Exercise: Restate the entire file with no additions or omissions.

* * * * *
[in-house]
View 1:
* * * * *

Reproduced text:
[in-house]
View 1: